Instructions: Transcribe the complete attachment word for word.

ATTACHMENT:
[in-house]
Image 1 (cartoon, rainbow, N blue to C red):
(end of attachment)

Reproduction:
[in-house]
Image 1 (cartoon, rainbow, N blue to C red):